3. Heat a comal, griddle, or heavy skillet over medium-low heat and roast the chile, turning it over with tongs once or twice, until tender, blistered all over, and blackened in spots, 10 to 15 minutes. Once cool enough to handle, remove the skin from the chile (you might have to use a paring knife).
  4. Mash the chile, onion, salt (the coarseness of the kosher salt will help you make the paste), and 2 tablespoons of the cilantro to a paste in a molcajete or other mortar. You can also mince and mash the ingredients together on a cutting board with a large knife, and then transfer the paste to a bowl.
  5. Score the flesh in the avocado halves in a crosshatch pattern (not through the skin) with a knife and then scoop it with the spoon into the mortar or bowl. Toss well, mashing the avocado coarsely with a pestle or fork, taking care to keep the avocado chunky.
  6. Gently stir in the apple mixture and most of the pecans just until it holds together. Garnish with the remaining pecans and cilantro. Serve right away with tortilla chips.

 

 

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Cinco de Derby

With this in your house, how can your weekend go wrong?

 

 

 

 

What we have here, my friends, is a dream Double Header. Cinco de Mayo and the Kentucky Derby, on successive non-school nights. If there was ever a time to have a cool, refreshing  drink in your hand (and a snazzy hat on your head) this is it.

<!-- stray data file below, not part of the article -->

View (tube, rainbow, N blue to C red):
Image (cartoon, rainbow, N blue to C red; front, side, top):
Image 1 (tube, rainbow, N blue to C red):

In honor of creative cocktails and mocktails, below are two infused simple syrups that will give your drinks a fresh twist appropriate for the upcoming occasions. And what the hell—keep scrolling for a few cocktail concoctions as well, though they are only a starting point. Don’t be afraid of using the jalapeno syrup in your mint julep (or even subbing cilantro for the mint) for some south of the border cha-cha.

Have fun and if you’re placing bets, good luck!

Jalapeño Simple Syrup

  • 1 cup sugar
  • 1 cup water
  • 2 jalapeños, seeded and halved lengthwise (or not seeded if you are brave)

In a small saucepan over high heat, combine 1 cup water, sugar, and jalapeños. Bring to a boil, stirring to dissolve sugar. Reduce heat to medium and allow to simmer to three to four minutes, stirring frequently. Remove from heat and let steep 20 minutes.